(NaturalNews) These days, we're living in an increasingly connected, electronic world. Every day we use the internet, computers, cell phones, Blackberries, and Bluetooth devices. We read newspapers, watch TV and listen to internet radio (and even read ads on billboards as we drive down the freeway). While all our media and technology is convenient and useful (we're always just an internet search away from the answer to any question that pops into our heads, especially if our cellular phone has mobile internet), being connected so much results in something called "Information Overload", a term coined by futurist Alvin Toffler back in 1970. The term refers to our inability to absorb and process all the information we're exposed to, and this information is literally everywhere these days.
The problem defined
Information Overload, or "Information Fatigue Syndrome (IFS)," occurs when we over-expose ourselves to media, technology and information. Our brains have trouble keeping up with everything that we are feeding them, and the distorted-spin EMF energy fields we're being exposed to don't help the case (generated by cell phones and wi-fi). We end up having headaches and being exhausted and end up making mistakes and wrong decisions. The main point is, when exposed to too much information and technology, we tend to shut down.
Information Overload is now commonplace around the world, at work, at home and during leisure time. Some of the causes include:
- Widespread and easy access to the Internet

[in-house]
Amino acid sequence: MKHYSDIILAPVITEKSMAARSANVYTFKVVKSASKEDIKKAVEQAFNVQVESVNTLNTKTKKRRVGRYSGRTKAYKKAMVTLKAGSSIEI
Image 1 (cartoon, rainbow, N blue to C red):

- Social networking sites such as Facebook and Twitter
- Cheap and accessible use of cell phones, texting, and mobile internet
- Online and offline news, media, and advertising: TV, newspapers, magazines, and billboards
The only upside to these problems is that they have a relatively simple solution; take a day off occasionally from being connected to any media and the internet, and set limits on your internet in terms of hours per day. These restrictions may sound scary for us web-addicted techno-humans, but it's absolutely imperative if we want to regain control of our energy levels, mental health, and life in general in an increasingly information-infused modern era.
Take a full day off from all media and electronic devices (including cell phones; this may be nearly impossible for some), and go out into nature and pursue outdoor interests. If you feel better, which you likely will, take a day off occasionally whenever you need one. If you'd rather a set schedule, take one day per week and set it aside as a internet-free day. If this is too often, make it bi-monthly. Pick a schedule that fits in with work or school. A key point being that even good things need to be used in moderation, including useful techo-goodies as the internet, Facebook, and Twitter updates.
About the author: Zach C. Miller was raised from an early age to believe in the power and value of healthy-conscious living. He later found in himself a talent for writing, and it only made sense to put two & two together! He has written and published articles about health & wellness and other topics on ehow.com and here on NaturalNews. He holds a Bachelor's degree in Applied Science.